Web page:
Dr Iley: "Your doctor should explain any risk involved but if they haven't it's important to ask about how they apply to you. Understanding the risks will help you to make a decision about your tests based on research as well as your own personal values.
Are there any alternatives to this test?
Dr Iley: "Your doctor will have suggested a specific test for a reason. But make sure you have an open discussion about your options so you can make a decision together. Being aware of all the options available to you will allow you to choose an alternative if you're unhappy with the test your doctor has suggested.
How long will I have to wait for my test results?
Dr Iley: "Asking this question can give you peace of mind if you haven't had your results for a couple of days. Your doctor should be able to give you an estimated timeframe. However, it's important to remember that this is just an estimate and occasionally things get held up.
How should I prepare for my test?
Dr Iley: "Some tests have specific requirements that you'll need to follow so make sure you're aware of them before the day of your appointment. Not knowing you have to stop taking medication or follow a special diet could result in your appointment being postponed, which could slow down your treatment."
You should have a thorough understanding of your condition and your different options before you make any decisions about your treatment. The questions you should ask may vary based on your individual circumstances. However, it's a good idea to ask your doctor questions about your options, what the treatment involves and what will happen following your treatment.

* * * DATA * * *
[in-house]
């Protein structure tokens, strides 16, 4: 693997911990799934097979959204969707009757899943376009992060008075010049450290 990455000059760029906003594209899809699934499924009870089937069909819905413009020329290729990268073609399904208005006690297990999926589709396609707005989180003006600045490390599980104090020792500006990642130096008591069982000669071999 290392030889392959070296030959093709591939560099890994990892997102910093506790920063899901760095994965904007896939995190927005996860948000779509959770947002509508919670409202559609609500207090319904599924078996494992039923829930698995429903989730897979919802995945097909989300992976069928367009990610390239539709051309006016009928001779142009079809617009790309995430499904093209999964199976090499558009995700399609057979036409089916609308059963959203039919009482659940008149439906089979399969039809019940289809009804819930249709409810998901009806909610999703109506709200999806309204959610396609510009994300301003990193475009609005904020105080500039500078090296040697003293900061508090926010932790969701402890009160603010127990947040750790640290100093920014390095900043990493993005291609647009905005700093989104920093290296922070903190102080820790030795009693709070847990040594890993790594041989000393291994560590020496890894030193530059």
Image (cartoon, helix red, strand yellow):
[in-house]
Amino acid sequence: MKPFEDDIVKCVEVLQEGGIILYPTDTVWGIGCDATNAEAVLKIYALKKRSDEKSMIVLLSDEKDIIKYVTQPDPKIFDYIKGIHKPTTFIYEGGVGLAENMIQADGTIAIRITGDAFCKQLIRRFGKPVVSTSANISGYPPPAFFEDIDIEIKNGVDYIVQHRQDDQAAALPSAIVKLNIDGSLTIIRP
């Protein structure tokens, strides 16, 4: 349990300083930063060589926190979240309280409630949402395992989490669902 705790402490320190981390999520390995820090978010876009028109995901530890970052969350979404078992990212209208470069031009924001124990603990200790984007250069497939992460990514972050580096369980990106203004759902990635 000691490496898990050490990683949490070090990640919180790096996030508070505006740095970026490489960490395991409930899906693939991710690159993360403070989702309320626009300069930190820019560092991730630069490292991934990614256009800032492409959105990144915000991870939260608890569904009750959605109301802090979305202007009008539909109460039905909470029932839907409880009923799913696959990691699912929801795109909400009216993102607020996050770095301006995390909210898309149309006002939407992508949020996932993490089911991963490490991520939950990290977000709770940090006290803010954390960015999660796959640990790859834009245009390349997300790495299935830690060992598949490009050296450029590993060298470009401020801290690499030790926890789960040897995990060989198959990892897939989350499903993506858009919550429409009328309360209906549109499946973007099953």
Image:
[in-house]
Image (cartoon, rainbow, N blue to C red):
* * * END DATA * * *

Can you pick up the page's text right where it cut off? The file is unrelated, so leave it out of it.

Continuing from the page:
What are my treatment options?
Dr Iley: "It's good to be aware of all your different treatment options so you know you're making an informed decision. Although your doctor may suggest a specific treatment, you should make a joint decision based on research and your personal values.
What are the risks associated with the different treatment options?
Dr Iley: "Most treatments come with possible risks and side-effects. These will be different for different people so it's important that you're aware of any that are related to you and your treatment. Don't be afraid to ask your doctor to explain further if there's anything you don't understand.
Will the treatment cure my condition?
Dr Iley: "Unfortunately not all conditions can be cured. Asking your doctor about the likelihood of your condition being cured after your treatment will allow you to manage your expectations. Your treatment may be to help relieve your symptoms, so it's important that you find this out beforehand.
Who will carry out my treatment?
Dr Iley: "Finding out some information about the doctor carrying out your treatment and their experience may help to manage any nerves or worries you have prior to your appointment.
Can the condition come back after treatment?
Dr Iley: "Your journey to recovery doesn't always stop when you've finished your treatment. Ask your doctor about taking care of yourself after your treatment and how likely it is that your condition will come back. Depending on your condition and how you developed it, you may need to make changes to your lifestyle and diet to keep looking after yourself.
What are the alternatives to having treatment?
Dr Iley: "Depending on your condition and what caused it, you might be able to make changes to your lifestyle to ease the symptoms of your condition. It's usually recommended that you try self-help measures before considering treatment or surgery".